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J Allergy Clin Immunol. 2007 May;119(5):1234-40. Epub 2007 Mar 1.

Causes of death in hyper-IgE syndrome.

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National Institute of Allergy and Infectious Diseases, National Institutes of Health, Bethesda, MD 20892-1684, USA.



Hyper-IgE syndrome (HIES) is characterized by recurrent pyogenic infections, eczema, increased serum IgE levels, and a variety of connective tissue and skeletal system abnormalities. Little has been published regarding the causes of death in these patients or pathologic findings.


To identify the cause of death in patients with HIES and to describe pathologic findings in fatal HIES.


We reviewed the medical records and autopsy slides of 6 patients with HIES with autopsies performed at our institution.


All 6 patients with HIES were women and ranged in age from 24 to 40 years. All patients had a history of cystic lung disease and had pneumonia at the time of death, with Pseudomonas aeruginosa and fungal organisms predominating. Pulmonary fungal vascular invasion with fatal hemorrhage was observed in 3 patients, and metastatic fungal disease to the brain was observed in 2 patients caused by Aspergillus fumigatus and Scedosporium prolificans. Four patients had evidence of renal tubular injury, which was likely from amphotericin B toxicity; 3 patients had glomerulosclerosis; and 1 patient had 2 kidney angiomyolipomas.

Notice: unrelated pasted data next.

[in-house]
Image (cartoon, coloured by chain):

Our series highlights the important role Pseudomonas and Aspergillus species play in patients with HIES with cystic lung disease. Intensified antifungal and gram-negative bacterial prophylaxis need evaluation as possible strategies to prevent these infectious complications in patients with cystic lung disease.


Fungal and Pseudomonas infection of cystic lung disease in HIES may be life threatening, and the proper management and prevention of these infections need continued investigation.

[Indexed for MEDLINE]

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